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It takes guts to admit that your business isn’t functioning as it should. But, if you are going to grow as fast as you want to, it can sometimes mean a radical reassessment of your focus and investment.

 

Fresh Business Thinking  has collected a series of insights from members of entrepreneur community The Supper Club—those who have changed direction and gone on to build rapid scaling business.

Three years ago, Fiona Talbot, Founder of Aitus Group, a commercial and residential property investment company, realised that faster growth was going to require drastic change.

fionaFiona explains: I was at home thinking about my business – as we obsessive entrepreneurs do –  when I had an ‘aha’ moment. I wondered: if I repurposed my entire net yield to acquisition, where would that take the business?” After some complex modelling, it became apparent that the value of this repurposing could be staggering. Done right, the company could be scaled to an eight- or nine-figure business within the next two decades.

A eureka moment certainly, but the implementation was going to be far from easy. The strain of pivoting a business so rapidly did take its toll. “I had founder staff leave and the passion I had for my vision was tested to the limit on a few notable occasions. But it forced me to address the resource gaps in my company, my own skill gaps, and how to get them filled.”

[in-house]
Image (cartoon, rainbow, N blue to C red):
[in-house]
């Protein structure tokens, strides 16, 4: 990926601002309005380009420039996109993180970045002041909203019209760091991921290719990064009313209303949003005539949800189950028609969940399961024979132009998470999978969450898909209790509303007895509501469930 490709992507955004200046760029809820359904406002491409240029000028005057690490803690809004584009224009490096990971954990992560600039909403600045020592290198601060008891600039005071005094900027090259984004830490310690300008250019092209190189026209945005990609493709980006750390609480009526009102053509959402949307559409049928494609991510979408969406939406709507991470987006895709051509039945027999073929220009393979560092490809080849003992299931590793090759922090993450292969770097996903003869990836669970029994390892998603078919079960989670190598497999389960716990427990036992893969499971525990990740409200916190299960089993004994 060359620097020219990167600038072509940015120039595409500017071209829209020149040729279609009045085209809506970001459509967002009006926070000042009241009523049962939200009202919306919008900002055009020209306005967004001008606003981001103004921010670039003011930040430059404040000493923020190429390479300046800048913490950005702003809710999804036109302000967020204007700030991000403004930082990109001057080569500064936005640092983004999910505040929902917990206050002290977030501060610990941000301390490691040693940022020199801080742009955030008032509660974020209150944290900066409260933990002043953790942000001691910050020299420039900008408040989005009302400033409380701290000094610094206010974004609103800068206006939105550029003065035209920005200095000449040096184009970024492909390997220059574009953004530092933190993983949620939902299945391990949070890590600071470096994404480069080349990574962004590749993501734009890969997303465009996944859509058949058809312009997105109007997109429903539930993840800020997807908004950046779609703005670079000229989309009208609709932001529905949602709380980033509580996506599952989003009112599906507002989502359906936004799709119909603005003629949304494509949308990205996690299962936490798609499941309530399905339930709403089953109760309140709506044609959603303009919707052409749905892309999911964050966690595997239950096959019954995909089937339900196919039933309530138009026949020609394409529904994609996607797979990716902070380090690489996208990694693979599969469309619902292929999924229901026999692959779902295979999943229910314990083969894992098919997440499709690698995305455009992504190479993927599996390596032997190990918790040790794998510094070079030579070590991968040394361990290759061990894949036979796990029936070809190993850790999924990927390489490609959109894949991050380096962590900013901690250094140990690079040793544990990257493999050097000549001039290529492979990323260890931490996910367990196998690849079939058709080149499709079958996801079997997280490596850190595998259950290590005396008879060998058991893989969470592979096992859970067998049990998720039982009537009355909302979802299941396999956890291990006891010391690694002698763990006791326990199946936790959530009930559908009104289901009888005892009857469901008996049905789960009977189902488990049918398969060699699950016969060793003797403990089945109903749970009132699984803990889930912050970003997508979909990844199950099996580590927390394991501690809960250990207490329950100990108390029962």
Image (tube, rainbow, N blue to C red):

Despite the daunting size of the task, it mandated clearer, more centred thinking. Fiona sold off a part of Aitus Group that wasn’t a core focus—even to the point of turning down potentially lucrative opportunities, including a partnership with a successful online marketer with a multi-million-pound sales track record.

Looking back, Fiona admits that with the benefit of hindsight, she would have taken the time to:

  1. Clarify her vision for the company with her team and making sure they understood it
  2. Develop a more detailed plan for implementation to speed up the process
  3. Recognise which of her team were right for the next stage of her company and which were potential roadblocks

Although the process has been hard, Fiona is very happy with where it has taken her. “It was the biggest pivot of my entrepreneurial career so far. But, three years into its execution, the plan has brought us closer than we have ever been. The company is fit for growth and the rocket ship is leaving the launchpad.”